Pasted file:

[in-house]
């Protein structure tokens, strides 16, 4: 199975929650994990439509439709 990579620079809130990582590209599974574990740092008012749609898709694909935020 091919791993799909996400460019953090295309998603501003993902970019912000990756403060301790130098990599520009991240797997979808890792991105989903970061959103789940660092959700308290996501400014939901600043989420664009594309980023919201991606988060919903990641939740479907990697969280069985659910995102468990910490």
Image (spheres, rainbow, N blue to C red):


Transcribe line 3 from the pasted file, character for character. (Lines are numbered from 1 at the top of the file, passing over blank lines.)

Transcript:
Image (spheres, rainbow, N blue to C red):